LiNil Visiting Nurses provides incontinence care. Urinary incontinence (UI), involuntary urination, is any involuntary leakage of urine. It can be a common and distressing problem, which may have a profound impact on quality of life. Urinary incontinence almost always results from an underlying treatable medical condition but is under-reported to medical practitioners. Enuresis is often used to refer to urinary incontinence primarily in children, such as nocturnal enuresis (bed wetting).
Fecal incontinence (FI), also called faecal incontinence, bowel incontinence or anal incontinence, is a lack of control over defecation, leading to involuntary loss of bowel contents—including flatus, liquid stool elements and mucus, or solid feces. FI is a sign or a symptom, not a diagnosis. Incontinence can result from different causes and might occur with either constipation or diarrhea. Continence is maintained by several inter-related factors, and usually there is more than one deficiency of these mechanisms for incontinence to develop. The most common causes are thought to be immediate or delayed damage from childbirth, complications from prior anorectal surgery (especially involving the anal sphincters or hemorrhoidal vascular cushions) and altered bowel habits (e.g. caused by irritable bowel syndrome, Crohn's disease, ulcerative colitis, food intolerance, or constipation with overflow incontinence). An estimated 2.2% of community dwelling adults are affected.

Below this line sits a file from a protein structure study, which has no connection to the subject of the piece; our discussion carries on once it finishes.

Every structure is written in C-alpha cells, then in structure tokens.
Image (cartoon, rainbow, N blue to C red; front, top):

Fecal incontinence has three main consequences: local reactions of the perianal skin and urinary tract, including maceration (softening and whitening of skin due to continuous moisture), urinary tract infections, or decubitus ulcers (pressure sores); a financial expense for individuals (due to cost of medication and incontinence products, and loss of productivity), employers (days off), and medical insurers and society generally (health care costs, unemployment); and an associated decrease in quality of life. There is often reduced self-esteem, shame, humiliation, depression, a need to organize life around easy access to bathroom and avoidance of enjoyable activities. FI is an example of a stigmatized medical condition, which creates barriers to successful management. People may be too embarrassed to seek medical help, and attempt to self-manage the symptom in secrecy from others.
FI is one of the most psychologically and socially debilitating conditions in an otherwise healthy individual, but it is generally treatable. Management can be achieved through an individualized mix of dietary, pharmacologic and surgical measures. Health care professionals are often poorly informed about treatment options, and may fail to recognize the impact of FI.
LiNil Visiting Nurses Home Care's mission is to promote excellence in Incontinence Care. Call us today to discuss your Incontinence Care needs.